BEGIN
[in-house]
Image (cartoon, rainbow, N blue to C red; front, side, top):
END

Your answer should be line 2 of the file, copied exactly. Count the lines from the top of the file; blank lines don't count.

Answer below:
Image (cartoon, rainbow, N blue to C red; front, side, top):